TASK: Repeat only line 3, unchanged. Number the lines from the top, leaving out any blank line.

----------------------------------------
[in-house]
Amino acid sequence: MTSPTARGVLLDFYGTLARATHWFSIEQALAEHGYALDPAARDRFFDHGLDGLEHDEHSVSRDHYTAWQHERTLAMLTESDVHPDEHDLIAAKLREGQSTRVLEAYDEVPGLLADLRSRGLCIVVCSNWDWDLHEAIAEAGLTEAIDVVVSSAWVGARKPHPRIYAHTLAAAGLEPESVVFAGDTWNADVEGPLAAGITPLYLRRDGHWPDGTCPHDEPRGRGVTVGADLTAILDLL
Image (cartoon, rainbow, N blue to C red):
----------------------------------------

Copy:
Image (cartoon, rainbow, N blue to C red):